What date did the investigation begin?

On September 18th, a town hall meeting was live-streamed to you. After thereafter, Tim Cook wrote out a note expressing that he was disappointed and that he will track down the leakers. Following the release of that document, Apple began looking into the matter.

I was summoned to a meeting with HR and global security on September 30th and informed that I was being investigated for possibly leaking the meeting. My devices were seized, but not before I uninstalled apps that included personal information, such as Robinhood. Apple isn’t interested in how much money I spent at GameStop. I work on political campaigns, and information on Democratic political efforts must be kept private.

So, before returning the devices, I erased this data. I was given a loaner and instructed to work, which I did.

On October 8th, I was contacted by global security and HR, who informed me that I had been suspended and that they had taken the loaner devices as well as disabled all of my internal accounts. I was in the middle of a conversation with someone when my internal accounts became “deactivated.”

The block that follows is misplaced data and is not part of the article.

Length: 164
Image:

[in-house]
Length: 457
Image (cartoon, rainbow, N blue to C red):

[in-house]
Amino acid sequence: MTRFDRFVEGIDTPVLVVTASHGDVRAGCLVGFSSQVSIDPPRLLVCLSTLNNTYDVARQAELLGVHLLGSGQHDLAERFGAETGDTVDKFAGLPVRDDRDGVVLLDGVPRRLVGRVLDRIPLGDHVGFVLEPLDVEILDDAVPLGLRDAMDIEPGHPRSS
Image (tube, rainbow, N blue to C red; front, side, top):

This slowed down my job as well. The fact that it happened at all — I work in Maps, and we deal with extremely confidential material, so keeping things hidden is critical to our success. So, even though I was being probed, my time on Maps was up.

I received a call from global security and HR on Thursday, informing me that I had been fired for destroying the data.

Why was that personal data on your business computer to begin with?